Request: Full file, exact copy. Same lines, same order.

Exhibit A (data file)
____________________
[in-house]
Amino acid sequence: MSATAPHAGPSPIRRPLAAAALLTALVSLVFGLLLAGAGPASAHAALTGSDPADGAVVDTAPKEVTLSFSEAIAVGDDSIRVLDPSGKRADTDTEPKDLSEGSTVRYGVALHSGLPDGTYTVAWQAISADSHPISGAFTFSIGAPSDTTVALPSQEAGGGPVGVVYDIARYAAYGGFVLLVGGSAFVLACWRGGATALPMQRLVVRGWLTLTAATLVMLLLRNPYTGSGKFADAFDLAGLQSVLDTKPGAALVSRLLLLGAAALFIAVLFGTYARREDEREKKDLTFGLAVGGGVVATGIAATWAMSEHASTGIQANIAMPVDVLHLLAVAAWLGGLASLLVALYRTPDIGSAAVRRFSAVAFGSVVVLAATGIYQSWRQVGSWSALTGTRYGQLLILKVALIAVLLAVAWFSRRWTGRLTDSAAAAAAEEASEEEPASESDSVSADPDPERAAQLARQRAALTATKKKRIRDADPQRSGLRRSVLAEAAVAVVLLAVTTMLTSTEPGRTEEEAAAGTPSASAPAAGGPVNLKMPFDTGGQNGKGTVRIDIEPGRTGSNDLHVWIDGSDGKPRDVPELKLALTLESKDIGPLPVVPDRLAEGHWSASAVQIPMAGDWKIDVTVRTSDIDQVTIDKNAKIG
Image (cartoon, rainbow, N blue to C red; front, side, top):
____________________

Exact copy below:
[in-house]
Amino acid sequence: MSATAPHAGPSPIRRPLAAAALLTALVSLVFGLLLAGAGPASAHAALTGSDPADGAVVDTAPKEVTLSFSEAIAVGDDSIRVLDPSGKRADTDTEPKDLSEGSTVRYGVALHSGLPDGTYTVAWQAISADSHPISGAFTFSIGAPSDTTVALPSQEAGGGPVGVVYDIARYAAYGGFVLLVGGSAFVLACWRGGATALPMQRLVVRGWLTLTAATLVMLLLRNPYTGSGKFADAFDLAGLQSVLDTKPGAALVSRLLLLGAAALFIAVLFGTYARREDEREKKDLTFGLAVGGGVVATGIAATWAMSEHASTGIQANIAMPVDVLHLLAVAAWLGGLASLLVALYRTPDIGSAAVRRFSAVAFGSVVVLAATGIYQSWRQVGSWSALTGTRYGQLLILKVALIAVLLAVAWFSRRWTGRLTDSAAAAAAEEASEEEPASESDSVSADPDPERAAQLARQRAALTATKKKRIRDADPQRSGLRRSVLAEAAVAVVLLAVTTMLTSTEPGRTEEEAAAGTPSASAPAAGGPVNLKMPFDTGGQNGKGTVRIDIEPGRTGSNDLHVWIDGSDGKPRDVPELKLALTLESKDIGPLPVVPDRLAEGHWSASAVQIPMAGDWKIDVTVRTSDIDQVTIDKNAKIG
Image (cartoon, rainbow, N blue to C red; front, side, top):